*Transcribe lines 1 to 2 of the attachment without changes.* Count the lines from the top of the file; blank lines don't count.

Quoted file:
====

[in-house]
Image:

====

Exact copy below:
[in-house]
Image: